Between July and September 2015, two cases of botulism were diagnosed on separate farms in the Republic of Ireland resulting in the loss of six cattle.

According to the Department of Agriculture’s Quarterly Surveillance report, one farm lost five two-year-old bullocks.

The second farm lost a 13-month-old heifer, the report found.

Botulism is caused by the ingestion of preformed toxin which has been produced by the growth of Clostridium botulinum bacteria in decaying vegetation or in animal or bird carcases, the Department has said.

Carrion and broiler litter are the most frequently associated sources of botulism in cattle.

Direct access to broiler litter or grazing on fields near to where broiler litter has been spread are associated risk factors.

Outbreaks of botulism have occurred in cattle and waterfowl in Ireland in recent years often involving significant numbers of animals, according to the Department.

Outbreaks tend to occur typically between March and November and are often associated with warm weather.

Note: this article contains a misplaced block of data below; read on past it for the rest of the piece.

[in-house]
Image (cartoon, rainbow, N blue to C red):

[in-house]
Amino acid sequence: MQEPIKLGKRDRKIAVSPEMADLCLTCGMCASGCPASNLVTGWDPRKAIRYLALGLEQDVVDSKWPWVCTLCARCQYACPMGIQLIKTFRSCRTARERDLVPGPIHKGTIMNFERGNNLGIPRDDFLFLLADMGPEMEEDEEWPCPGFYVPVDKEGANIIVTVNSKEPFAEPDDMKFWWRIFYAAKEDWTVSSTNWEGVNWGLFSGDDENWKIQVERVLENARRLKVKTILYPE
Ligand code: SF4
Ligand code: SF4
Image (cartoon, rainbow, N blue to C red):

However, the Department said that winter outbreaks have occurred in association with contaminated silage.

Here are the clinical signs of botulism:
  • Progressive weakness.
  • Posterior Ataxia.
  • Progressive Flaccid Paralysis.
  • Drooling.
  • Animals are generally alert.
  • Difficulty swallowing.
  • Death.

Prevention of botulism

According to the Department, preventing botulism requires minimising animal contact with carrion and decaying matter.

Prevention also requires preventing animals ingesting feedstuffs contaminated with decaying materials where possible such as decaying grasses or spoiled silage, hay, or grains.

The Department advises to be aware of the potential for small quantities of contaminated feed (e.g. one loader scoop) to reach larger numbers of animals when using feeder/mixer wagons.

To prevent animals contracting the disease, it also advises to prevent the ingestion of decaying animal/ bird carcasses in feedstuffs e.g. silage pits/bales, grain stores, or on grassland.

Wildlife and poultry carcasses can produce particularly high levels of toxins and inappropriate storage or disposal of poultry litter or poultry carcasses can pose a risk of botulism for animals, it said.